We are used to our mother finding creative ways to adapt her lifestyle in the face of decades of various illnesses. But now - although her mind remains alert when she is awake - her physical condition is much worse than it has ever been. Her cardiovascular system is weakening. She is an octogenarian, of course, who has never had a strong (physical) heart (whereas - as anyone who knows her will agree - her personal heart , the source of her human vitality, her freedom, and her capacity to love, has always been as strong as a lion). A heart condition may have something to do with why she fell, lost consiousness, and broke her ankle, and why she lacked strength for rehab. 

Right now Mom is very weak and exhausted physically, and the trajectory of her condition - especially since her recent hospital visit - suggests that she doesn't have a long time left with us. We are satisfied with her medical team, and have a good rapport with them. Right now she still eats well, and takes an especially lively interest in her grandchildren. But she sleeps most of the day, and can only handle short visits from us (and brief phone calls). Her most frequent words to us are, "I love you." I think that her great soul is finding peace, after a long life and many struggles - fighting the good fight, and so often rising to the occasion despite her own pain and the hindrances of her many illnesses. She still needs lots of prayers, of course, and all the love we can give her.

Personally, I find myself in a bewildering place in these days, with emotions of sorrow and anxiousness but also joy and expectation. I'm "stretched" across several generations of my own family. My mother is suffering, and this concern dominates my emotional space, but also mixes in with other happenings. On Tuesday, Eileen and I will celebrate our Silver Wedding Anniversary. Our daughter Lucia recently got engaged, and preparations for a wedding next June are already in the works. Then, of course, the granddaughter is all set to make her "grand" debut, out of the womb and into the light of day. John Paul's wife Emily is due around July 10. I will be "Papa" (grandfather) to this new baby who might live to see the 22nd century. 

I'll write more about these events as they occur. They are all important. They are changes for all of us (along with the "changes" I am discovering in myself as I proceed to transition into the stage of life that I call "Young Seniors"). I find myself in front of "life and death and everything in between," which is an awkward way of expressing this emotionally dizzy condition. I am grateful, overall, because there is so much reason for gratitude.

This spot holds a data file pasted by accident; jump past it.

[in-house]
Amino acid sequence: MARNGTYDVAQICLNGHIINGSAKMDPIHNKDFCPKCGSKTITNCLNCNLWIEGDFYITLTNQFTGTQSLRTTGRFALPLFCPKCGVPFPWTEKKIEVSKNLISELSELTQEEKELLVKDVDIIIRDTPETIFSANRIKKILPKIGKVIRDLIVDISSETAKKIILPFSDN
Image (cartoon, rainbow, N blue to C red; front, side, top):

Meanwhile, I am trying to prepare myself to accept my mother's death when it comes (which could be in a week or a couple of months or a year or more), and also to prepare for whatever she may need between now and then. We don't know how her remaining time will unfold, and what kind of care she may need. (I pray that she will be will be with us long enough to kiss her great-granddaughter, and even spend some time with her.)

I said that I'm trying to "prepare myself" for all this, but I don't know how. This is a time when the Mystery who holds our lives is palpably evident precisely in what is most profoundly transcendent, what is most beyond our comprehension. We understand particular things and do particular actions, but it is clear that these efforts (though necessary) are inadequate. Ultimately a mysterious personal event is going to take place for my mother that will "complete" her life in all its facets, drawing her to fulfillment, but also involve that strange and painful "rupture" from this life, from being "with us" in this world. Through faith, hope, and love we know that we don't "lose" her ultimately - but to "find her again" we will have to endure the suffering of human separation and its process of grief.

This is something I cannot possibly control. For the moment, I do what I can, and then I pray. Where else can I go? Without God, the extremity of the end of life would appear absurd. Nihilism would be inevitable. Even with faith (and erudite theological explanations), it can be very hard to avoid feeling deflated and discouraged when the life of someone you love is being stripped away.

Suffering and death drive down to our very bones the tragic aspect of life, even for us who firmly believe that this tragedy is not the end of the story

We believe that Something Has Happened in human history, not to take away physical death nor remove suffering but to transform them from within, to fashion out of them the ultimate ways of love, the path through which what is mortal is clothed in immortality.